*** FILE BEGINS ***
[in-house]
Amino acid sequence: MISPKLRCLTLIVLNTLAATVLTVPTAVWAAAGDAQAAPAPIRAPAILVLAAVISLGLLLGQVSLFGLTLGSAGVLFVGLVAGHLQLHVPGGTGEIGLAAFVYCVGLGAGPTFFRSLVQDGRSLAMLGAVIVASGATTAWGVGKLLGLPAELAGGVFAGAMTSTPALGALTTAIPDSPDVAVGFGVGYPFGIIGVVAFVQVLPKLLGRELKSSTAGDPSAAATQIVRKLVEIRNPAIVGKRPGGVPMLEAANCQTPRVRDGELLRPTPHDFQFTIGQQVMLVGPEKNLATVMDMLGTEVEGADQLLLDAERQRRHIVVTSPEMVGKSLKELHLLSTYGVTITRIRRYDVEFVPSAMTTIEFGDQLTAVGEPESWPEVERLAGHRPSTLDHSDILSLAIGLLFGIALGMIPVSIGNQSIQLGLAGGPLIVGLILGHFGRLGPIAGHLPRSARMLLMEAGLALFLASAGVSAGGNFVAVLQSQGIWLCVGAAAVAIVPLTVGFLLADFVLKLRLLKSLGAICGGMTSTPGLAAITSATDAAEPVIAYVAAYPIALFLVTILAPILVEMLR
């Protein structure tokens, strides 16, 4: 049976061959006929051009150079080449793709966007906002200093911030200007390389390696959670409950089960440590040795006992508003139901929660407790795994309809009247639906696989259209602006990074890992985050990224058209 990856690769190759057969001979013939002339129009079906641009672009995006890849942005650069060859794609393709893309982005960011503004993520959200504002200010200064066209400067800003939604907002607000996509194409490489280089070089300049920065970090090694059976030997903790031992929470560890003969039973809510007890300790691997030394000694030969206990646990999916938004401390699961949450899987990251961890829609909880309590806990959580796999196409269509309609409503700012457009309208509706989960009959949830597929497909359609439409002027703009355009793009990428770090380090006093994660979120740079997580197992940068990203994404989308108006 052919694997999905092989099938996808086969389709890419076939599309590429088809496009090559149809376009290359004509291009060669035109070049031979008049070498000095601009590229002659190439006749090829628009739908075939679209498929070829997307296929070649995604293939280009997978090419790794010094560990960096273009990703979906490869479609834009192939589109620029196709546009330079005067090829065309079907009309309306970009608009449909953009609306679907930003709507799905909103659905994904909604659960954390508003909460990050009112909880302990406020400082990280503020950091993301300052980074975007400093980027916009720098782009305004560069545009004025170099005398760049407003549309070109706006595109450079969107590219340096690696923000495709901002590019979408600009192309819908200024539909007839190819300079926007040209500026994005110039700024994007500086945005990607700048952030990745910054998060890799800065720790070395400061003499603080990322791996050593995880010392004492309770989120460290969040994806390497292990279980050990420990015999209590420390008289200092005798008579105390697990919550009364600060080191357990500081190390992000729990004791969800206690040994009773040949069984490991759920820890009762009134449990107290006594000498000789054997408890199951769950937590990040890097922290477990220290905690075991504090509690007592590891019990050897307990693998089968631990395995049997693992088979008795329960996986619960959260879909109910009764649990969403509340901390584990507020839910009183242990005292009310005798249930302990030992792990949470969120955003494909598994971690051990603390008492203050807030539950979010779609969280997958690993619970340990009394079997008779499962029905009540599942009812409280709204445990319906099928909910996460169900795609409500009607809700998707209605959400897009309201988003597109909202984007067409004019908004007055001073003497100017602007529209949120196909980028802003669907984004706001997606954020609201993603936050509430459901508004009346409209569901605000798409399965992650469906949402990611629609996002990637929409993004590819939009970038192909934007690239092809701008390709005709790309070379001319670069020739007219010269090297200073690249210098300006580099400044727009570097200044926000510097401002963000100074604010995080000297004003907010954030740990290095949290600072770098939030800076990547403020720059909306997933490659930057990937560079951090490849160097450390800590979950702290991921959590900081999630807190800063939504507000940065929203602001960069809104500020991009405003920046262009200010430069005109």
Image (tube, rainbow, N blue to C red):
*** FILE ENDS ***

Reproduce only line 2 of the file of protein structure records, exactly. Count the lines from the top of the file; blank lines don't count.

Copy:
Amino acid sequence: MISPKLRCLTLIVLNTLAATVLTVPTAVWAAAGDAQAAPAPIRAPAILVLAAVISLGLLLGQVSLFGLTLGSAGVLFVGLVAGHLQLHVPGGTGEIGLAAFVYCVGLGAGPTFFRSLVQDGRSLAMLGAVIVASGATTAWGVGKLLGLPAELAGGVFAGAMTSTPALGALTTAIPDSPDVAVGFGVGYPFGIIGVVAFVQVLPKLLGRELKSSTAGDPSAAATQIVRKLVEIRNPAIVGKRPGGVPMLEAANCQTPRVRDGELLRPTPHDFQFTIGQQVMLVGPEKNLATVMDMLGTEVEGADQLLLDAERQRRHIVVTSPEMVGKSLKELHLLSTYGVTITRIRRYDVEFVPSAMTTIEFGDQLTAVGEPESWPEVERLAGHRPSTLDHSDILSLAIGLLFGIALGMIPVSIGNQSIQLGLAGGPLIVGLILGHFGRLGPIAGHLPRSARMLLMEAGLALFLASAGVSAGGNFVAVLQSQGIWLCVGAAAVAIVPLTVGFLLADFVLKLRLLKSLGAICGGMTSTPGLAAITSATDAAEPVIAYVAAYPIALFLVTILAPILVEMLR